114 purebred Holstein cows, 248 ProCross crossbreds, and 167 Normande x Jersey x Viking Red crossbreds from the Morris herd were evaluated for total average rumination time.

  • HR-LD tags were used to record rumination time in total minutes per day.
  • Similar rumination time was reported for all breed groups evaluated:
    • Purebred Holsteins: 521 minutes per day
    • Procross: 513 minutes per day
    • Normande x Jersey x Viking Red: 513 minutes per day

Future projects to keep an eye out for include creating genomic predictions for crossbreds, determining the most profitable crossbred for grazing in the Midwest, and lactation curves of purebred Holsteins compared to crossbreds.

Comparing Holstein and Procross feed efficiency

St. Paul herd research

123 first-lactation cows (63 ProCROSS© and 60 Holstein) and 80 second-lactation and third-lactation cows (43 ProCROSS© and 37 Holstein) were compared for dry matter intake, body weight, wither height, body condition score, milk volume and fat plus protein production over a three-year period.

All cows were fed the same total mixed ration twice daily in tie-stalls with partitions in the manger. Feed samples were collected twice weekly to determine dry matter content. Feed intakes were recorded only from days 4 to 150 of lactations. During the same lactational period, body weight, height and body condition score were recorded for each cow.

Fat plus protein production (lb) wasn’t different for the two genetic groups during first lactation or during second and later lactations. However, the ProCROSS© cows had higher percentages of fat and protein in their milk than the Holstein cows and, for most milk markets, milk is priced based mainly on the solids in milk and not on the fluid carrier of milk.

Fat plus protein production per pound is a better predictor of the value of milk that is milk volume per pound. The milk volume, which is mostly water, was lower for the ProCROSS© cows than the Holstein cows. However, despite equal fat plus protein production, the ProCROSS© cows had significantly lower dry matter intake than their Holstein herd mates, and the difference was 312 pounds less dry matter intake (-4.8 percent) during the 147-day study period in first lactation and 512 pounds less dry matter intake (-6.5 percent) in second and third lactations.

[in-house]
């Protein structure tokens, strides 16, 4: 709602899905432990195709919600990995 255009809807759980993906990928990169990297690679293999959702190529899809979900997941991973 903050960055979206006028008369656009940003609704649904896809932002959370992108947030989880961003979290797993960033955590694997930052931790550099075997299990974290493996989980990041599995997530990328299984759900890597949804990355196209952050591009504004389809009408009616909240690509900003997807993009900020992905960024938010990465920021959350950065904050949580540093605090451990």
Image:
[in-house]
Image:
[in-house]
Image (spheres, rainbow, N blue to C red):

How were the ProCROSS© cows different from the Holstein cows?

Other than the lower feed intake with equivalent fat plus protein production, they had shorter height at the withers, carried significantly more body condition, but were not different from the Holstein cows for body weight. Smaller frame sizes of cows and more body condition of cows to enhance fertility and health should be advantages of ProCROSS© cows over Holstein cows for commercial dairying. Other studies with much larger numbers of cows have documented ProCROSS© cows have higher pregnancy rates (fewer days open and higher conception rates), reduced health treatment costs and longer herd life.

Alternative feed efficiency evaluation measures

  • Fat plus protein production divided by dry matter intake.

  • Energy-corrected milk divided by dry matter intake.

  • Dry matter intake divided by body weight.

  • Residual feed intake (which is currently used for genetic evaluation of dairy cattle).

For all four of these measures, the ProCROSS© cows were significantly more feed efficient than the Holstein cows. All of these measures of feed efficiency are defined in a very narrow sense relative to economic gain, because differences in fertility (which influences how soon cows return to peak production with a subsequent lactation), health treatment costs, and herd life of cows are ignored. Based on this research, improved feed efficiency can be added to the list of advantages of ProCROSS© cows over Holstein cows.